Bubble
For: Fans of science fiction comedy (think ‘Portlandia’ meets ‘Buffy the Vampire Slayer’)

One of the smartest and funniest scripted shows to have come out this year, ‘Bubble’ is instantly endearing because it feels like all of it could be happening to you, except maybe the alien-fighting part. ‘Bubble’ takes place right now, but someplace else. Specifically, in the Portland-ish hipster town of Fairhaven, a literal Bubble that is, for the most part, sealed off and protected from the otherworldly beasts that live in the surrounding Brush. The eight-episode season one follows a small band of monster killers, led by the Brush-born Morgan (Becker), as they struggle to make ends meet and find love in a nightmarish version of the gig economy. Part allegory, part commentary, part butt-kicking, this smart, sci-fi-infused comedy ticks lots of pop-culture boxes.

Wolverine: The Long Night
For: Comicbook geeks

Marvel’s first venture into audio storytelling blew open wide the barriers of what a good fiction podcast can do. The 10-part series is an exercise in meticulous world-building and achingly beautiful and detailed audio production. With ‘Wolverine: The Long Night’, listeners got a chance to get inside the much-loved, adamantium-clawed mutant’s head in a way that hasn’t been done before and they largely pull it off because of lead star Richard Armitage’s superior voice acting skills. Armitage’s Logan is everything you’ve known him to be and more: vicious loner meets overzealous protector meets vulnerable man.

If you are a fan of the comics, you have no excuse to not have tuned in to this beauty.

The Habitat
For: Science lovers

Gimlet Media has another zinger on their hands with the brand new ‘The Habitat’, a super addictive serialised documentary: the true story of a fake planet. On a remote mountain in Hawaii, scientists have a fake planet Mars. Six volunteers are secluded in an imitation Mars habitat where they will work as imitation astronauts for one very real year. The goal: to help Nasa understand what life might be like on the red planet — and plan for the day when the dress rehearsals are over, and we blast off for real. Host Lynn Levy has been chronicling this experiment from the moment the crew set foot in their habitat, communicating with them through audio diaries that detail their discoveries, their frustrations and their evolving and devolving relationships with each other.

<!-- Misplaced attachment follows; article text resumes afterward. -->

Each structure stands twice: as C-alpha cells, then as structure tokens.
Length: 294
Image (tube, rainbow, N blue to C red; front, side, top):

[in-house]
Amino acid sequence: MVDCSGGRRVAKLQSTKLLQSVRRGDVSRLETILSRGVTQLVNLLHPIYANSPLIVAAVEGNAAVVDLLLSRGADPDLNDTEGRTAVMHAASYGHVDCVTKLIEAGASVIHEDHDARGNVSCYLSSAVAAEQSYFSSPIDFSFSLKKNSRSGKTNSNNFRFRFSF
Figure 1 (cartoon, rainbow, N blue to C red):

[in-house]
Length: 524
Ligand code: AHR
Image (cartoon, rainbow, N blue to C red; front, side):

The Teacher’s Pet
For: True-crime junkies

In May 2018, true-crime podcast ‘The Teacher’s Pet’ took Australia by storm, before taking over the rest of the world. The whopping 16-episode saga explores the disappearance and suspected murder of Lyn Dawson in a suburb of Sydney, Australia, in 1982. The suspect? Dawson’s ex-husband Chris, who told police that Lyn may have run off with a cult. Around the same time she went missing, a teenage student of Chris’, with whom he was having an affair, moved into his house and they tied the knot. Host Hedley Thomas’ meticulous reporting uncovered critical evidence that was not previously explored by police. Thomas wrote and recorded an average of more than 15,000 words each week as new informants came forward. The case has recently managed to find new breakthrough thanks in large part to the podcast.

The Horror of Dolores Roach
For: Lovers of the macabre

‘The Horror of Dolores Roach’, starring Daphne Rubin-Vega and Bobby Cannavale in lead voice roles, dropped just in time for Halloween and is perfect for those who like to be spooked for thrills. After 16 years in prison, the indomitable Dolores Roach (Rubin-Vega) returns to a New York City neighbourhood that has changed drastically in her absence. Her boyfriend missing, her family long gone, Dolores is recognised only by an old stoner friend, Luis (Cannavale), who gives Dolores room and board and lets her give massages for cash in the basement apartment under his dilapidated empanada shop. When the promise of her newfound stability is quickly threatened, Dolores is driven to extremes to survive. Now in hiding, Dolores recounts her grotesque tale of Eat or Be Eaten. With an exceptional cast and a gory story that will not only leave you horrified but just a little heartbroken for its main characters, ‘The Horror of Dolores Roach’ is the kind of realist story about love, race, gentrification and identity that these divisive times demand.